who have found wearing the veil more attractive in recent years with that of young Muslim girls and women in Europe and Turkey who have chosen to wear more traditional Muslim clothing, including the veil. Why is the issue so controversial in Europe? What are some of the main points of controversy? In their research, did the students come across the tendencies that Peletz notes in the media, that is, the tendency to make all Muslims seem alike? Do they think the news sources they found did a good job of presenting many different points of view on the controversy?

    Sources could include stories on National Public Radio’s website (http://www.npr.org/templates/story/story.php?storyId=4182321), PBS (for a broadcast on the veil in France, http://www.pbs.org/wnet/wideangle/shows/france/transcript.html and articles on why the headscarf is banned in Turkey, http://www.pbs.org/wgbh/pages/frontline/shows/muslims/portraits/turkey.html), the English-language service of the German international radio service Deutsche Welle (http://www.dw-world.de/dw/article/0,,978043,00.html), and the BBC (http://news.bbc.co.uk/2/hi/europe/3459963.stm for a page full of resources on the “headscarf question” in Europe.). The interview with Lila Abu-Lughod on Asia Society’s website, cited above, is also accessible and useful: www.asiasource.org/news/special _ reports/lila.cfm.

Abu-Lughod, Lila. 2002. Asia Source Interview, on Asia Society’s website: www.asiasource.org/news/special _ reports/lila.cfm.

Brenner, Suzanne. 1996. “Reconstructing Self and Society: Javanese Muslim Women and the Veil.” American Ethnologist 23 (4): 673-697.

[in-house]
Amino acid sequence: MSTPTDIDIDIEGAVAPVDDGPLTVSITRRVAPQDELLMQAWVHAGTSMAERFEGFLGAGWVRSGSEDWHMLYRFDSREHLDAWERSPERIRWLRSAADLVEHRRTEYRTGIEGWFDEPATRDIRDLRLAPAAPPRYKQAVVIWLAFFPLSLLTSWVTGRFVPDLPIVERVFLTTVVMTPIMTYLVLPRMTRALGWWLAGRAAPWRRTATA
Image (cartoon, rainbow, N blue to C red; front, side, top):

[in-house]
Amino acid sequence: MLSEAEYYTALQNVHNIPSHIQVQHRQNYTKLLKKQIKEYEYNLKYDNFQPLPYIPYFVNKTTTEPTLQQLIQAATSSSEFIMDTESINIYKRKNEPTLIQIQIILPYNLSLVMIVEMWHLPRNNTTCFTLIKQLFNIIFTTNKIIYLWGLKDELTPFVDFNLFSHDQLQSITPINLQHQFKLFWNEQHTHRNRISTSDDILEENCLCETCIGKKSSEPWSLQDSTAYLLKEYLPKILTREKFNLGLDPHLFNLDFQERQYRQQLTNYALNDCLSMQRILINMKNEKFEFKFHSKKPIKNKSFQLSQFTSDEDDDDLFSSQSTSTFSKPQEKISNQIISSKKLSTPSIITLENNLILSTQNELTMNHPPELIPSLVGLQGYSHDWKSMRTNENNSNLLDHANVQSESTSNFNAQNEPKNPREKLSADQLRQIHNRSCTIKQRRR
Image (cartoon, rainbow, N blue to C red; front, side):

Lindquist, Johan. 2004. “Veils and Ecstasy: Negotiating Shame in the Indonesian Borderlands,” Ethnos 69(4): 487-508. This is a study of veiling and the use of the drug Ecstasy among Indonesian migrants who work as factory labor or prostitutes on the island of Batam.

Ong, Aihwa and Michael G. Peletz, eds. Bewitching Women, Pious Men: Gender and Body Politics in Southeast Asia. Berkeley, CA: University of California Press, 1996. This is a frequently cited collection of essays dealing with women and gender in Southeast Asia among Muslims and non-Muslims alike. Three of the nine essays focus on Muslim societies in Sumatra and Java (Indonesia); two concern Muslims in Malaysia; the others deal mostly with non-Muslim societies in Thailand, Singapore, and the Philippines, as well as Filipino workers in the Muslim Middle East.

Peletz, Michael G. Gender, Sexuality and Body Politics in Modern Asia. Key Issues in Asia Series. Ann Arbor,MI: Association for Asian Studies, 2007. This 110-page booklet is intended for undergraduate and advanced high school students and their teachers.

Rinaldo, Rachel. “Feminism in Uncertain Times: Islam, Democratization, and Women Activists in Indonesia.” Paper presented at the 8th Annual Conference on Globalization held at the University of Chicago on April 11, 2006, available on the conference website as a PDF at http://cas.uchicago.edu/workshops/scg/conference/2006/index.html, last accessed June 8, 2007.